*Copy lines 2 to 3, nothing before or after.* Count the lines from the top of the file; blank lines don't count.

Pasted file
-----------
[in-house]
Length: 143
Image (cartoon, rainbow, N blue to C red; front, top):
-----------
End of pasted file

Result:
Length: 143
Image (cartoon, rainbow, N blue to C red; front, top):